Pat shared that these were her mother’s signature cookies. She was known for them, and they went all over the world—shipped by her mother to servicemen. Katherine hulled her own black walnuts, gathering the encased nut meats from trees on their farm. If you’ve never dealt with black walnuts from their source, let me tell you this is no easy task. With apologies to Pat and Katherine, I purchased mine from small bags in the grocery store on the baking aisle.
There are other recipes in the book, ones I would be glad to unpack in a future blog. Please know that the book is a novel with recipes—and not a cookbook with a story. Yet each of the recipes is part of the bigger overall picture, and I’ve seasoned them into the plot.
Here’s an idea: Why not host a book club and for the wrap-up party, have a pitch-in meal featuring the book’s recipes? And invite me. If you are meeting in Indiana, and I can possibly get there, I will gladly come and be happy to discuss the book with you. Maybe we can talk Blaise into coming too, who knows?
Meanwhile, consider picking up a copy. The print version is up on Amazon, the Kindle edition is coming any day now, copies will be available from me at The Courier-Times in New Castle on and after Monday, May 16, or email me for details on signing and mailing you a copy.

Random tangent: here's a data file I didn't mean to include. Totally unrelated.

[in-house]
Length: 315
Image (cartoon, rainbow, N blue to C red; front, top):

Meanwhile, put on the tea kettle, enjoy a cup of Twinings Green Tea with Lemon (my favorite flavor) or your own. Wouldn’t a slice of pie be just the thing with it?
Donna Cronk would love to hear from you. Contact her at email@example.com. Like her author Facebook page at Donna Cronk. Visit her blog at http://www.donnacronk.com. She has a program perfect for women’s groups of many kinds called “Bloom Before You Are Planted.” Ask her about booking a date.
Thank you again Donna for thinking of me in developing the sugar cream pie recipe in your book and for blessing everyone with your multitude of talents. It’s an honor and privilege to know you. -Blaise